The exact date of construction of the castle is unknown. The land on which it was erected belonged to the Courland bishopric from at least the second half of the 13th century, and the castle itself could have been built between the third quarter of the 13th and the beginning of the 14th century. After the fall of the bishopric in the second half of the sixteenth century, the castle became the hereditary property of the German family Baehr, in whose hands it was continuously until the early twentieth century. Despite several fires, including during the Polish-Swedish wars in 1617 and 1622, the castle was rebuilt and reconstructed at the same time, unfortunately, gradually losing its medieval appearance.
The castle was a simple stronghold limited in its original form to a almost square courtyard, surrounded by a moat and defensive wall, measuring 31,5 x 34,5 meters, to which from the north a single building with cellar was added. Both the basement and the first floor were divided into three rooms. The original gate placed in the tower was halfway along the eastern wall. Other wings: southern and western, probably were still erected in the Middle Ages, although some earlier researchers date them to the second half of the sixteenth century. Then, for sure, a corner, cylindrical tower was created.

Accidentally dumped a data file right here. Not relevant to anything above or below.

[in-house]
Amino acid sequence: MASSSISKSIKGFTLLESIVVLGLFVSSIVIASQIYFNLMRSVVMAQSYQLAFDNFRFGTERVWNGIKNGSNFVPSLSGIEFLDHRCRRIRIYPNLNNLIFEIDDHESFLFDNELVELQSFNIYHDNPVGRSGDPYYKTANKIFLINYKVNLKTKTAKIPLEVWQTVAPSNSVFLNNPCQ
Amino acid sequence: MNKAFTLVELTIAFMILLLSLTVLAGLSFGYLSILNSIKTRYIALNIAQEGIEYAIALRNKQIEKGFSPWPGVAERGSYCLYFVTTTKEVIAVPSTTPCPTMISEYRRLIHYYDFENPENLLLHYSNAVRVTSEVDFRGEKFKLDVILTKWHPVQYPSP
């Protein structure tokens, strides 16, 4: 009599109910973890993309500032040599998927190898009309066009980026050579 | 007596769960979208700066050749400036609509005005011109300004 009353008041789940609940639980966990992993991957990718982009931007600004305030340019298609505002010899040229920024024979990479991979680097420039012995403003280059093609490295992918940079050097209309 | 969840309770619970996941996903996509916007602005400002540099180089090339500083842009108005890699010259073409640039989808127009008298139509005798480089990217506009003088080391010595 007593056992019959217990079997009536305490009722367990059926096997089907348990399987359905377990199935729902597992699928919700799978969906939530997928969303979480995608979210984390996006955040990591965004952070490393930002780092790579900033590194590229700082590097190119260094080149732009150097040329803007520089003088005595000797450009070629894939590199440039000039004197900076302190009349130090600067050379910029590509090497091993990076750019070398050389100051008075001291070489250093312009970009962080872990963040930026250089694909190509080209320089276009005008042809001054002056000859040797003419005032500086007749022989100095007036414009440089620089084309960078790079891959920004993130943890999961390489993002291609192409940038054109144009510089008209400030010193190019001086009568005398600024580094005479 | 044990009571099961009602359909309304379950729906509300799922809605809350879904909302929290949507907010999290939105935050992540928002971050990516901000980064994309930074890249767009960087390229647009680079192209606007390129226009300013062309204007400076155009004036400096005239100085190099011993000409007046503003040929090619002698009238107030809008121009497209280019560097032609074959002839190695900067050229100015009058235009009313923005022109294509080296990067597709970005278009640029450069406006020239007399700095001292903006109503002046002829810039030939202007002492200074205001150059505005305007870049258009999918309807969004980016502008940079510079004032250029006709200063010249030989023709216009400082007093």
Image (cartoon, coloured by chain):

The castle has survived to the present day in a form transformed heavily in early modern times and enlarged during the expansion of the nineteenth and early twentieth century. A corner, cylindrical tower from the 16th century is a distinctive element of the original building. Currently, the monument belongs to a private businessman who in recent years has carried out its general renovation.
Borowski T., Miasta, zamki i klasztory. Inflanty, Warszawa 2010.
Tuulse A., Die Burgen in Estland und Lettland, Dorpat 1942.